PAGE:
ElectroOptic Frequency Response Measurements. The frequency dependent electrooptic response was measured using a vector network analyzer in the measurement schematic shown in FIG. 8. Electrical lines are colored green and optical paths are colored blue in the schematic. In order to maximize the signal to noise ratio, the intermediate frequency bandwidth of the vector network analyzer (VNA) was set to 10 Hz. The output power of the VNA was set to −15 dBm and was amplified to a nominal output power of 12 dBm. The measurement was done while biasing the device at 5 V and terminating the electrodes in a 50 load. Light was coupled into and out of the modulator with tapered fibers (Nanonics). The input light was polarized at 45 with respect to the outofplane direction in order to couple into both TE and TM fundamental modes. An inline polarizer was used to convert the phase modulated light to an intensity modulated signal after coupling light out of the device. The intensity modulated light was collected and converted back to the electrical domain using a high speed photodiode (U2T), the output of which was connected to port 2 of the VNA. The measurements were done after calibrating the measurement system at points corresponding to the input of the amplifier at port 1 and the output of the photodiode at port 2. The effects of the amplifier, bias tee, and photodiode on the measurement were removed postmeasurement by subtracting the measured frequency response of these components from the measured electrooptic response.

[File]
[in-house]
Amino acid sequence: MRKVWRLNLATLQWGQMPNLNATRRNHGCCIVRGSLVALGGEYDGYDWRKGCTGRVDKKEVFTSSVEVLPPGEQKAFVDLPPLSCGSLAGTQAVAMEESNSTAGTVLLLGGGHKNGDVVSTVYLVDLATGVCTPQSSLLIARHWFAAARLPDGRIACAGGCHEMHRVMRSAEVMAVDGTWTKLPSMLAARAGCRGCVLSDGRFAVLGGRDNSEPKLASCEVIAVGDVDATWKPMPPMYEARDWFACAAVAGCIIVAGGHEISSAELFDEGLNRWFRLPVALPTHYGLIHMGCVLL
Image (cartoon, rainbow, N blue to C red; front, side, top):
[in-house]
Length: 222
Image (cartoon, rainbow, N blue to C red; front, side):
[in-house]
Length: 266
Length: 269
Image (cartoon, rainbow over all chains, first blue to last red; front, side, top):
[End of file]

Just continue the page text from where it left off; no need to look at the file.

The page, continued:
SParameter Measurements. The microwave properties of the photonic crystal modulator were obtained from scatteringparameter (Sparameter) measurements. The full twoport scattering parameters, including magnitude and phase, were measured over the frequency range of 10 MHz to 50 GHz using an Agilent N5230C PNAL vector network analyzer. The measurements were done with cables rated for operation up to 50 GHz with 2.4 mm connectors. Prior to measurements, the system was calibrated at the high speed probe tips via a shortopenloadthru calibration using an alumina impedance standard substrate. The measurements were taken with an intermediate frequency bandwidth of 35 kHz and with an averaging factor of 50.
The measured magnitude and phase of the transmission coefficient, S_{21}, and magnitude of the reflection coefficient, S_{11 }are shown in FIG. 9. The S_{21 }magnitude response decreases toward higher frequencies due to increasing frequencydependent microwave losses. The phase of the transmission increases nearly linear with frequency in the 10 to 50 GHz region. The magnitude of the reflection coefficient increases quickly with frequency in the lowfrequency region and is fairly flat out to 50 GHz.